AffiliationDepartment of Dermatology, Johns Hopkins University School of Medicine, Baltimore, MD 21205, USA.
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AbstractBACKGROUND: Human studies of the short-term cellular effects of tanning salon exposures are lacking. Findings of such studies may prove extremely helpful in educating consumers considering or currently attending tanning salons. OBJECTIVE: Our purpose was to determine whether tanning salon exposure causes DNA alterations and p53 protein expression in epidermal keratinocytes and/or circulating peripheral lymphocytes. METHODS: Eleven subjects received 10 full-body tanning salon exposures over a 2-week period. UV-induced DNA cyclobutane pyrimidine dimers and p53 protein expression were examined, comparing pretreatment peripheral blood lymphocytes and epidermal biopsy specimens with analogous specimens obtained after the 10 tanning salon exposures. RESULTS: Cyclobutane pyrimidine dimers in DNA and p53 protein expression were detected in epidermal keratinocytes, but were absent in lymphocytes. CONCLUSION: Similar to outdoor sun exposure, short-term recreational tanning salon exposure causes molecular alterations believed essential in the development of skin cancer.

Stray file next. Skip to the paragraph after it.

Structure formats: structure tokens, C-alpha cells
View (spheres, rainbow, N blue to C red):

CitationTanning salon exposure and molecular alterations. 2001, 44 (5):775-80 J. Am. Acad. Dermatol.
JournalJournal of the American Academy of Dermatology
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